I can't breathe. I'm itchy. I can't see properly and feel trapped in a mobile prison. But threatened? No! LIZ JONES describes her week in a BURKA
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During my week in the shadows, I soon found out why: there is no way a woman can work in one. Each time I had to go to meet or interview someone, I had to take the headpiece off. I couldn’t even see to type. Most importantly, I couldn’t think straight.
That first day, I was afraid to put it on. When I did pluck up courage, I felt suffocated, as though forced to live inside a dark tent. I got in my car to go to the station and realised there was no way I could drive safely with my eyes blinkered like a racehorse. Already deaf, the fabric snuffed out any residual sound.
On the walk to the station I could hardly breathe. My shroud made me itch all over, and my eyelashes kept banging against the cloth. A friend recently came back from a spell working in Qatar and said that whenever he drove he had to keep swerving to avoid running over the flocks of women who stumble on to roads. ‘They are like children. They have to be guided by men. None of them speak. It’s like the Middle Ages.’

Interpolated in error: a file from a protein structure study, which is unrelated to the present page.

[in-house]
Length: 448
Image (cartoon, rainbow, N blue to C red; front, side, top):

I felt scared, vulnerable.
I walked to the kiosk to buy coffee. ‘Mumble mumble,’ I said to the young man serving. To his credit – the station is in a rural area, so I’m sure this was the first time he had encountered a full veil – he didn’t bat an eye, and smiled. I pointed. I automatically lifted the cup to my lips. Ah. How was I going to do this? I tried to work the cup up the inside of the cloth, performing an elaborate jig on the platform, but got stuck halfway.
Later that day, at a coffee shop in Fulham, I sat outside at a table, faced with a sandwich and a latte. As I weighed up my hunger, an Arabic man shouted abuse at the white, male photographer sent to chronicle my day. I have no idea what he was saying – perhaps I shouldn’t have been eating in public – but the interesting point is that during the entire experiment, he was the only person who gave me any abuse.
The only time I became furious at my treatment was when, for a domestic flight, I swanned through security unmolested, when normally I’m made to remove jacket and shoes. This smacked of PC pandering. I was heartened, though, that throughout my week I was only ever met with helping hands.